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When I was in New York in September, I met with the amazing people at Dig For Fire.  I’ve admired their work for years, from the fantastic live in-store performances they shoot at Other Music to an awesome Band Of Horses video and now to their relationship with Spotify.  I have been wanting to work for them for a long time.  Finally I had the chance.

They had just gone into the studio with Iron & Wine to film the re-recording of his classic tune “Flightless Bird, American Mouth” for the new Twilight: Breaking Dawn soundtrack.  To add to it, Marketa Irglova from The Swell Season came in to sing harmony on the the track.  They asked if I thought I could cut the video in the two weeks I was in town.  I said ABSOLUTELY!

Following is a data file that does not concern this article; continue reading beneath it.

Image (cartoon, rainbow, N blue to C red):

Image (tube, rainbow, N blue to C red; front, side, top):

Currenlty, WordPress.com doesn’t support VH1 embeds.  So if you wanna see it there here it is. The VH1 link has over 70,000 views already!

The ever-brilliant Splice Here blog (soon to be Splice Now) by Steve Cohen lays out the perfect list of questions that every production should answer before they shoot one frame.  If you or someone on your production team can’t answer this question before you start shooting, STOP! and get it answered.  Not knowing the answer can get you in to trouble.  Original link: File-Based Basics « Splice Here.

  1. Production
    Which camera(s) are you using? Which audio recorder?
    What kinds of files are you creating?
    What frame rate, sample rate, timecode rate, raster size are you recording?
  2. Dailies
    Who’s doing them? What do you need for editing, review and conforming?
    Who syncs and how will they do it? Who backs up and when?